Communique 7-8 February 2022
The East Coast Spanish Mackerel Working Group met for the second time on 7-8 February 2022 online. The purpose of the working group meeting was to discuss the 2020 east coast Spanish mackerel stock assessment, consider management options and inform development of a draft harvest strategy for broader public consultation in March / April 2022.
Fisheries Queensland presented an overview of the stock assessment process, the 2020 east coast Spanish mackerel stock assessment, external review, the department’s response to the external review and expert panel discussions. Members discussed and clarified specific concerns regarding the stock assessment and data, including recruitment deviations, catch rate standardisations, steepness, shark depredation, hyperstability and marine park zoning. Members appreciated the presentation and responses to concerns. While some members still held reservations with the stock assessment model and data inputs, others were supportive of the stock assessment science, noting it was based on the best available data and best practice methodology. Fisheries Queensland noted that at an estimated 17% of unfished biomass, management action is required to rebuild the stock back to sustainable levels.
Based on the results of the stock assessment, the working group discussed a range of scenarios and management options to rebuild the east coast Spanish mackerel stock. The rebuilding scenarios presented ranged from a 30-40% reduction in current harvest levels to a complete closure of the fishery, including various combinations of possible management measures to rebuild the stock to an interim rebuilding target reference point (40%) within the required timeframe (14 years) according to National and State guidelines. Management options were based on a default catch share arrangement of 60% commercial and 40% recreational (including charter) with an additional commercial allocation for Indigenous Fishing Permits. These catch shares reflect the last 15 years of history in the fishery and will be recommended for adoption as an interim catch share arrangement.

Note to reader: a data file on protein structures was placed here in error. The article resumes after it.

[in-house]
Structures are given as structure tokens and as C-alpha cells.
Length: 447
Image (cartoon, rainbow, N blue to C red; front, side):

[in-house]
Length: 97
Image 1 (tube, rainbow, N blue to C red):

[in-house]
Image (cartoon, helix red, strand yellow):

Members provided advice on the proposed scenarios and management action as follows:
- Members were advised that due to significant underutilisation of the current total allowable commercial catch, reductions in quota value by more than 50% would be needed to achieve any level of harvest reduction.
- There was general support for regional/seasonal closures of 12 weeks each in the northern (Sep-Nov) and southern (between Jan-May) areas of the fishery as one management tool, noting that this would impact all fishers who target Spanish mackerel during these periods and provides some protection to spawning/other aggregations.
- There was mixed support for a reduction to the recreational possession limit to one and a boat limit of two (with two or more recreational fishers onboard), with some members stating that any reduction to recreational limits must be commensurate with a reduction to the commercial sector. The working group were advised that boat ramp and recreational survey data indicates that, of those recreational fishers who landed Spanish mackerel, approximately 70% land one Spanish mackerel per trip. This suggests that possession limit changes would need to be considered in combination with other management measures affecting recreational harvest, including seasonal closures.
- The working group discussed a reduction to the current total allowable commercial catch limit of between 75 and 90%, combined with seasonal closures and a reduction to the recreational possession limit from 3 to 1 per fisher (max 2 per boat), aimed to ensure rebuilding of the stock.
- Members were concerned that any reduction to current catch levels will have significant impacts on all fishing sectors, notably the 20-25 SM licences that are responsible for approximately 50% of commercial harvest in the fishery. A number of members requested that Fisheries Queensland include, as part of any management action, options to alleviate the impacts of any significant reductions.
- Members recognised the need for an equitable approach that adequately reduces fishing mortality from all sectors.